Edit our code to be like what is shown above.

What we have done is:

  1. Add a stateful widget CryptoList which creates its state class CryptoListState
  2. Most of the logic will be stored in CryptoListState and CryptoList just creates its State class
  3. build to describe how the widget will look. Here we are returning Scaffold which creates an appBar with title and icons and body with centralised text.

Press r to reload changes or R to hot restart (and rebuild state)

With Scaffold we have infinitely improved the overall UI of our app. Remember we used theme in the MyApp class? It was used to set the primary colour of our app, (and by extension appBar's colour).

Feel free to change it accordingly, for eg new ThemeData(primaryColor: Colors.orange) but we will continue using white.

Making HTTP request to get data

Before we add a list of Cryptocurrencies into the body of our view, let’s first get all the data required for us to continue.

import 'package:flutter/material.dart';
import 'dart:math';
import 'dart:async';
import 'dart:convert';
import 'dart:core';
import 'package:http/http.dart' as http;

Import all these modules we will be using at the top of your main.dart file. Find the file pubspec.yaml and http: ^0.12.0+1 (which is required to make http requests) so that it looks like this:

  1. pubspec is where the packages metadata is stored
  2. dart:async allows writing asynchronous code using Future class
  3. dart:convert allows decoding JSON response
  4. package:http/http.dart allows making http requests
  5. dart:math and dart:code provides some helper functions to manipulate data
import 'package:flutter/material.dart';
import 'dart:math';
import 'dart:async';
import 'dart:convert';
import 'dart:core';
import 'package:http/http.dart' as http;

void main() => runApp(MyApp());

class MyApp extends StatelessWidget {
  @override
  Widget build(BuildContext context) {
    //material app widget
    return MaterialApp(
      title: 'Crypto Price List',
      theme: new ThemeData(primaryColor: Colors.white),
      home: CryptoList(),
    ); //use our widget instead of the text previously
  }
}

//creates a stateful widget (data inside will change once created)
class CryptoList extends StatefulWidget {
  @override
  CryptoListState createState() => CryptoListState();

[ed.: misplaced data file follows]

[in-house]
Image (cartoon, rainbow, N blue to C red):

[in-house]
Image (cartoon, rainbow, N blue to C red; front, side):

}

class CryptoListState extends State {
  List _cryptoList;
  //this means that the function will be executed sometime in the future (in this case does not return data)
  Future getCryptoPrices() async {
    //async to use await, which suspends the current function, while it does other stuff and resumes when data ready
    print('getting crypto prices'); //print
    String _apiURL =
        "https://api.coinmarketcap.com/v1/ticker/"; //url to get data
    http.Response response = await http.get(_apiURL); //waits for response
    setState(() {
      this._cryptoList =
          jsonDecode(response.body); //sets the state of our widget
      print(_cryptoList); //prints the list
    });
    return;
  }

  @override
  void initState() { //override creation of state so that we can call our function
    super.initState();
    getCryptoPrices(); //this function is called which then sets the state of our app
  }

//build method
  @override
  Widget build(BuildContext context) {
    //Implements the basic Material Design visual layout structure.
    //This class provides APIs for showing drawers, snack bars, and bottom sheets.
    return Scaffold(
        appBar: AppBar(
          title: Text('CryptoList'),
          actions: [
            // will be used to view favourites
            new IconButton(icon: const Icon(Icons.list), onPressed: _pushSaved),
          ],
        ),
        body: new Center(
          // body of the scaffold
          child: new Text('my crypto app'),
        ));
  }

  //will be used later to view favourited cryptos
  void _pushSaved() {}
}

main.dart

Update the code as shown above. Please read the comments on what is added. Essentially, we have asked our widget to execute getCryptoPrices when the state is initialized. We then perform an async operation to get the data from an api, and set state of cryptoList.